One of the alleged reasons for privatization was to reduce the external debt, but the money was used in current expenses and parliamentary demands. In the 21 years of privatization, the owners/shareholders, who bought for 3,3 billion using BNDES resources, received no less than R$ 320 billion in profits and dividends! In the first 3 quarters of 2021, Vale had a net profit of US$15,8 billion, with the company being purchased for US$3,3 billion. That is, the profit for the first 9 months of last year was 5 times greater than the amount paid for the purchase of the company! A good part of the 3,3 billion of the purchase was paid by the BNDES (subsidized financing) and with “rotten bonds”, generously received by the federal government. Is there a worse deal than this for Brazilian society?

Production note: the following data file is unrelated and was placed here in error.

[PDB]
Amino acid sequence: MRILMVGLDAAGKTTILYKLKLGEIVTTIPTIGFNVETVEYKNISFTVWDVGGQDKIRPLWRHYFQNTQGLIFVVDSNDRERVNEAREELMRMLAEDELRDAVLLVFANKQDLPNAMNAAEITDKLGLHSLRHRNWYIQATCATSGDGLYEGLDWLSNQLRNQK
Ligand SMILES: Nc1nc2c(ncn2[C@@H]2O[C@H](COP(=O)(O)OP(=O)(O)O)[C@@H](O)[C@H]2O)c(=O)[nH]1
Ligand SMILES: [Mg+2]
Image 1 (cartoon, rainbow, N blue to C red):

In addition, there are many complaints of irregularities in the privatization operation, as demonstrated by journalists Amaury Ribeiro Jr and Aloysio Biondi. As if the absurdities and tragedies were endless, even today, to aggravate the situation, Vale, via manipulation of transfer prices and the use of companies offshore in countries or territories considered “fisco-criminal hideouts” (usually called tax havens), it increasingly contributes to the maintenance of “mining that impoverishes Brazil”: the ore leaves the country in its raw state (without local industrialization), underinvoiced (evading taxes), is extracted in an often irregular and predatory manner, normally causing damage to local communities, and, in the end, is reimported in the form of steel for internal consumption at much higher values, failing to generate jobs, income and wealth in Brazil. The song is still up-to-date: “It slept / Our motherland was so distracted / Without noticing that it was subtracted / In dark transactions”.[5]